An arts magazine at the University of Pennsylvania
Art by Annabel Sumardi
Writing by Eva Ingber
The first time I sleep over I do not really sleep. There is a painful pressure in my bladder, and the organ feels like it might explode at any moment, leaving me and the sleeping man beside me bathed in a warm puddle of my urine. The bathroom is down the hallway, a dingy and closet-sized space shared by all the flatmates, but I don’t go. It isn’t the distance, or the rust-stained toilet and toothpaste-crusted sink, that deter me; it is imagining the tinkle of my piss echoing throughout the apartment. I am a human with bodily functions, but the man beside me can’t know this yet.
Let him think I naturally smell like springtime. That my body grows no hair except from my head, and that this hair is silky straight without chemical intervention. Let him think that I did not already know before our first date that he has three younger sisters, and an ex-girlfriend whose upper arms are as thin as my wrists. That when I say “yes” it is easy, and I mean it. That I am fun and carefree and effortless. Let him believe that these things are true, and let me believe them vicariously through him.
Let him also believe our sharing the same bed means as much to me as it does to him, which is to say not very much. To him, a bed is two lifelessly flat pillows sagging against the wall (no headboard), yellowing sheets, and a faded quilt, brought from an abandoned childhood bedroom. He is a deep sleeper, the kind whose jaw slackens and whose body involuntarily twitches. He definitely does not lay awake planning his wedding (a small affair for family and close friends in a dreamy, victorian-esque meadow) and naming his kids (Sebastian, for the eldest boy; Seth, for the second boy; Sophia, for the baby girl).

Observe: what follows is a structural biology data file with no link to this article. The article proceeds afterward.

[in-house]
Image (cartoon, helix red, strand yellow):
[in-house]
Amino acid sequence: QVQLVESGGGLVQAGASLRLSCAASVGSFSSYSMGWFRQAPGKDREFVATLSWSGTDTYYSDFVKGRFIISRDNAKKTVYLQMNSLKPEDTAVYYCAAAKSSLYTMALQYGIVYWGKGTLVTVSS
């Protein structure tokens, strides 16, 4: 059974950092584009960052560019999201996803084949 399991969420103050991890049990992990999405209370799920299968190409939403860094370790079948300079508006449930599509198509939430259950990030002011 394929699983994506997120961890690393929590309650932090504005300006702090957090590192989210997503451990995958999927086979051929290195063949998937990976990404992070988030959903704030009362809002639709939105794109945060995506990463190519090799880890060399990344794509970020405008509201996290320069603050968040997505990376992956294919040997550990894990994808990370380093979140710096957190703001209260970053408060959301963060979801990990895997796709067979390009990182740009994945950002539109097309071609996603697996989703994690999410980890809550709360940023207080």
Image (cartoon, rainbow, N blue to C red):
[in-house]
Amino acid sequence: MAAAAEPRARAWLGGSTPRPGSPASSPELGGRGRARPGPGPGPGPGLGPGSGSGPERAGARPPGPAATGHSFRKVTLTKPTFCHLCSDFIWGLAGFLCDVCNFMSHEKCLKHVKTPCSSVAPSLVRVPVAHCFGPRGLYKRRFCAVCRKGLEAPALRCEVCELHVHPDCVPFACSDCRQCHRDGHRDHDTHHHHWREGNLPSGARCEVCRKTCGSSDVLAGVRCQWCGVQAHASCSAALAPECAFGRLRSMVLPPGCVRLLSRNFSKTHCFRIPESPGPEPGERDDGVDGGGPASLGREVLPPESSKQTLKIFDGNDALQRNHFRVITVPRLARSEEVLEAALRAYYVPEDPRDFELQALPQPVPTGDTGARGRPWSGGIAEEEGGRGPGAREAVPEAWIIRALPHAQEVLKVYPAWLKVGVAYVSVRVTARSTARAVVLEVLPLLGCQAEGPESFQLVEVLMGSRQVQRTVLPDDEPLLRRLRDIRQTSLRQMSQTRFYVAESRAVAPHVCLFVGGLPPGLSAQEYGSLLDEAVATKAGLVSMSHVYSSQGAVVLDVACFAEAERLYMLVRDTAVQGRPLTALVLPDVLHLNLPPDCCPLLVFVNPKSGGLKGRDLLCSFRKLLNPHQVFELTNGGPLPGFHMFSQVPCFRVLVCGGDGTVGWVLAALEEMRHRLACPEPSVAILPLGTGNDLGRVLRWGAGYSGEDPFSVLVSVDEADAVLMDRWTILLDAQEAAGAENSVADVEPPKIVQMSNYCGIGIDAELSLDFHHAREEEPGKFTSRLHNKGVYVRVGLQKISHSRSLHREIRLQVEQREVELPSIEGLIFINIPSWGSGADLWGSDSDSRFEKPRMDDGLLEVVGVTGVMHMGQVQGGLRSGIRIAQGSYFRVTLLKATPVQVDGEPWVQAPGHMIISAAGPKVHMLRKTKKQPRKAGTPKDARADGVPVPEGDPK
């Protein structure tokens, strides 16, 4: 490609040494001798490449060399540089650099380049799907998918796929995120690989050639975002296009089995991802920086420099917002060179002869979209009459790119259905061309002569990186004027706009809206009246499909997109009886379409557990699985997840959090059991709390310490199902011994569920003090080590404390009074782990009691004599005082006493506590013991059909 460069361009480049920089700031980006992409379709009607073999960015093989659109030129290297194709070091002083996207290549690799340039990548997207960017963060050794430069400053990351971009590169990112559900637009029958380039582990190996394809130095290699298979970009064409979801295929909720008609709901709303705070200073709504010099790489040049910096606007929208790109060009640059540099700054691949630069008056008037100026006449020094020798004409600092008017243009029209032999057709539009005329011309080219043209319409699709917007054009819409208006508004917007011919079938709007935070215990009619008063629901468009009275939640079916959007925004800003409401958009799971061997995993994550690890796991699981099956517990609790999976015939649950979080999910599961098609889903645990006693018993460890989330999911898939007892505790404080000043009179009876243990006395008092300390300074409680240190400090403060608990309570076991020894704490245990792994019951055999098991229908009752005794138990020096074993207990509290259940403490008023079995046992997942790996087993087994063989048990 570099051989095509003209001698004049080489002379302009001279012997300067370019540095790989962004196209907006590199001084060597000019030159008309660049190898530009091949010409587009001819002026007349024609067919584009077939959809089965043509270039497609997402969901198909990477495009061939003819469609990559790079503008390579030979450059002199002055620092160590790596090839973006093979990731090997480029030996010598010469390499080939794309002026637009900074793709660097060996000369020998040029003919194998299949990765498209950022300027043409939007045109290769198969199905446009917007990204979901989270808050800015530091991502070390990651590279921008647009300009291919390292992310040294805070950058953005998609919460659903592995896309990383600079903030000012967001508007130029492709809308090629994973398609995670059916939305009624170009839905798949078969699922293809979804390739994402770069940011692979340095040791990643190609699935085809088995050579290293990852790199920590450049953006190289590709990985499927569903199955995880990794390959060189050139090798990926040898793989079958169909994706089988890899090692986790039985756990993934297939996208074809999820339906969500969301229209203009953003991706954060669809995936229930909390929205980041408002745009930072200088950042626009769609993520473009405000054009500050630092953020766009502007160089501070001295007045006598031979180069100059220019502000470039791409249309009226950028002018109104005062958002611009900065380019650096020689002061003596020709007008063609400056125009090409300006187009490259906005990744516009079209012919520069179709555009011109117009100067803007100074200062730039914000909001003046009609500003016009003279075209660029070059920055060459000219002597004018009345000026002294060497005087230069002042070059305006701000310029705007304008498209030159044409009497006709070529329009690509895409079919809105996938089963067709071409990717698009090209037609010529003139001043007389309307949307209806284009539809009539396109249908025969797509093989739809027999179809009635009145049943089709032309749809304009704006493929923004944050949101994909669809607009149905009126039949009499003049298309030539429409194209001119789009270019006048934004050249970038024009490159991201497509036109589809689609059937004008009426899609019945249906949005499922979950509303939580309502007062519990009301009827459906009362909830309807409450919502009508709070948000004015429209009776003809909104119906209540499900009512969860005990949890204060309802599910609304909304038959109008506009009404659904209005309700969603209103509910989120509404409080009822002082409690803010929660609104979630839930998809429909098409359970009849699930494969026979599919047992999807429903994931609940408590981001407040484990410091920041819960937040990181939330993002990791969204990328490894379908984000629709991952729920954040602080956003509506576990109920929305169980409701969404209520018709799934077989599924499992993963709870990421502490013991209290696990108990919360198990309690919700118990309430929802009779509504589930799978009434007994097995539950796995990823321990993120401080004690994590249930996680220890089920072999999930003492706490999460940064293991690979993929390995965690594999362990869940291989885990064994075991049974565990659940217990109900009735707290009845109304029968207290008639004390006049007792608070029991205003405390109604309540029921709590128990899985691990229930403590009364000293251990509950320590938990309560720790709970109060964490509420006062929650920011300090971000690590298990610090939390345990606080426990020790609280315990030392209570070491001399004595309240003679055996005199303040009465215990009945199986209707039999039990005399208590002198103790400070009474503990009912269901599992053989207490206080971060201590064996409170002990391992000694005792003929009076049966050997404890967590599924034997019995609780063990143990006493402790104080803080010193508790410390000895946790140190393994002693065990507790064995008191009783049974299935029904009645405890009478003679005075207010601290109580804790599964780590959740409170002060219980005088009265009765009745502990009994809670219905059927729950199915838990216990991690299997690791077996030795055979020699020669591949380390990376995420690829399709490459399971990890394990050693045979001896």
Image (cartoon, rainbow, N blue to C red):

I watch him sleeping, his face so beautiful and soft in its blankness. I brush my fingers across his stubbled cheek, down to his strong chin. I picture what it might look like in twenty years, lines etched around his mouth and eyes, and I hate myself. I have known him for a month, and we are nothing. He doesn’t move.
I whisper his name over and over to myself so it loses its meaning. He is just a boy, I think. This is just a bed. I roll over, finally tired. It’s morning.
As I close my eyes, his arm lazily circles my waist, pulling me against him. He exhales into the crook of my neck, and the kiss of his even breath on my skin is more tender than any lips I’ve ever felt.
My eyes close in bliss. I still cannot sleep, but I dream again, flush with the euphoria of his touch. The pads of his fingers feel like possibility.
The air conditioning whirs. He rolls away from me once more. I remember I still need to pee, he is just a boy, and I am very tired.